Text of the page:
Gonzo Girl: A Novel

Image of Gonzo Girl: A Novel
Release Date: 
July 27, 2015
Reviewed by: 

“An excellent debut . . .”

Gonzo Girl, the new novel by Cheryl Della Pietra, sets off with perhaps the best first sentence in recent memory (“Everybody is laughing except for me.”) and roars along from there.

The tale is told in filmic language that demands visualization (a pantry is said to contain “a veritable Warhol installation of Campbell’s soup”) and barrels along at such a high velocity that the quick reader leaves his Kindle aflame.

Author Della Pietra, a young and thoroughly modern literary artist, is the living exemplar of the oldest and hoariest of adages, one repeated by mediocre writing teachers the world over: that it is best for all authors, especially debuting authors, to “write about what you know.” 

For Della Pietra, that means writing about Hunter S. Thompson, here dubbed “Walker Reade” for whom she worked as a live-in assistant back when the Clintons first had their eyes on the White House.

Thus the “gonzo” reference in the book’s ever-so-slightly weak title that promises so much less than the book has to offer. (Our girl in the book is in no way gonzo, and the word never comes up in the text, so the sole purpose of the word is only to wave a flag at the Roman-a-clef nature of the whole endeavor, but oh, well. A small complaint.)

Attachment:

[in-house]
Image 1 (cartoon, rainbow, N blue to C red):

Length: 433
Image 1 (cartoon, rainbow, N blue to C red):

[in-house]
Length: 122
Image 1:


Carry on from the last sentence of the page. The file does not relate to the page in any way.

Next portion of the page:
Our author names herself Alley Russo and for her purposes here allows “herself” to have graduated from the same school that she herself attended (Penn) and drops “herself,” a stranger in a strange land, way out in Colorado, right near Aspen, where she finds herself in a famous author’s living room, surrounded by assistants, attendants, and sycophants:

“Everybody is laughing except for me. I’m scanning the faces, trying to remember the names, as they listen to walker Reader recite from his novel in process.”

That partial novel is the whole point.

Alley is hired to help birth the thing, to trick, cajole, or otherwise threaten Reade into finishing the long-overdue first draft. As the job is explained to her by Reade’s longtime right hand woman, Claudia:

“’I take care of Walker’s affairs from eight to eight, then I retire to the cabin. You come over when he asks for you—usually sometime around three in the afternoon—and work all night with him. The general rule is hands on the typewriter by two a.m.’

“‘So, wait. What happens between three p.m. and two a.m.?’

“Claudia lets out a sharp laugh. ‘Let’s put it this way: anything can happen. You’ll see.’”

And that “anything” turns out to be just about anything, from shopping sprees along the line of those in Pretty Woman, to bacchanals in fine touristy restaurants, to escapades on the shooting range—all of which keeps the reader interested, if not increasingly judgmental.

Ms. Della Pietra writes with an immediacy of language that comes compounded with a certain snark. In Writing About What She Knows, she also offers a certain turn of phrase that both enlightens and delights.

As here, when she gives us a bit more to like about poor old exhausted Claudia:

“Many things about Claudia put me at ease, not the least of which is her voice. It has the timbre of a gentle, distant foghorn, the product of apparent decades of chain-smoking.”